By Barbara Gruener
It’s that time of year again—springtime, when students in your school family seem to know each other so well that they’re squabbling worse than siblings do, which means it might be time to don that helmet and those pads and tackle a tough conversation or two. How do you gently carefront your students while effectively confronting their issues, challenges, and struggles? What must you keep in mind as you courageously step out to positively shape those undesired behaviors so things go more smoothly as you run the race toward the finish line?
Consider trying these ten tips to help facilitate your next courageous convo:
- Pick your battles. Before initiating that tough conversation, make sure that the issue is one you really need to confront. Ask yourself: Is this conversation really important right now? What might happen if I put it off?
- Arm yourself with the facts. Resist the temptation to go headfirst into the conversation based on feelings, perceptions, hearsay, or secondhand information. Gather all the facts before the conversation and stick with them as you confront the issue. This will help you do your best to stay on target and to keep emotions from clouding the concerns.
- Play the tape to the end. When you’re about to tackle a tough conversation, consider Stephen Covey’s wisdom to begin with the end in mind. Play out in your head how the conversation might go, from start to finish. Better yet, write it down. What might the potential outcomes be? How will you know when you’ve achieved your goal?
- Request students’ presence. Extend an invitation to the student(s) involved to kindly carve out some time to meet and talk. Consider giving students a choice about when they can talk; a little lead time might be a nice gift so they can properly prepare for what’s coming their way. Make sure that they understand the urgency of your invitation so they aren’t tempted to miss this meeting.
- Be honestly bold. I’ll admit, this one can be really difficult. In fact, I’d rather play the Detective Colombo card, look puzzled, and beat around the bush. And sometimes that has been known to work. But in my three decades working as a caregiver, I’ve found that an honest, forthright approach works best for those courageous carefrontations. Cut to the chase, but make sure your boldness is assertive, not aggressive. Backing someone into a corner will put that person on the defensive and will not likely net the positive results you want or need.
- Ask poignant questions. Try open-ended, nonjudgmental prompts like: Help me understand this or, Tell me more. Then listen to really hear and embrace students’ answers. This can empower students and help them unlock errant thoughts to strengthen the desired outcomes—both theirs and yours.
- Listen with your whole body. Face students, lean in, look into their eyes, and nod to show your engagement so everyone involved in the conversation is fully invested in listening to understand. Body language and tone speak volumes too, so be sure to listen to what students are not saying—so you can hear and know what might be behind their behaviors.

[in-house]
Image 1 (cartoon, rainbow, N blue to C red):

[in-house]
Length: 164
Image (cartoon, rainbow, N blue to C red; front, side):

- Practice empathy. Ask everyone involved to share their stories, then mirror back what you’ve heard them say and how you imagine they feel. As an alternative to this, ask students to share how another person might be feeling or what has been happening from the other person’s perspective first. Once empathy is elevated, the compassion and kindness that typically follow can serve to soften a volatile situation and facilitate negotiation.
- Talk with, not at. Always a great communication practice for healthy relationships, this is especially critical during conflict to make sure there’s give and take—that it’s a conversation rather than a sermon or a speech. A huge part of this is listening to understand rather than to respond. Remember that the goal of these tough conversations is to create a win-win rather than a win-lose.
- Focus on solutions. It can be tempting to go over and over the problem, to ruminate on what happened rather than seeking a solution. You might even want to punish and shame students. Don’t go there. Instead, invite students to brainstorm all solutions, even far-out or not-very-feasible ones. Ask them what they would like to see happen: If you had a magic wand, what would you change to help us move forward? Put all possible solutions on the table, then work together to come to a mutually agreeable end. Encourage students to own the problem, fix it, and move on. Then facilitate their ideas for restoration. Help them find a way they can not only apologize and say they’re sorry, but do sorry—put things back to where they were or set the wheels in motion toward a new normal.
When we decide to talk it out, we’re not only showing our students that we trust and value them enough to work with them through tough times, but we’re also modeling habits and skills that will serve students well as they follow suit and choose the peace path toward conflict resolution.
Currently in her 34th year as an educator, Barbara Gruener, a school counselor and character coach at Bales Intermediate School in Friendswood, Texas, has had the pleasure of working with kids from every grade level. Author of the blog The Corner on Character and the book What’s Under Your Cape? SUPERHEROES of the Character Kind, Barbara enjoys positively influencing change through her inspirational keynotes and interactive workshops. When she’s not working, you can bet Barbara is knitting, baking, writing, reading, walking, gardening, napping, or spending time with her husband and their three children.
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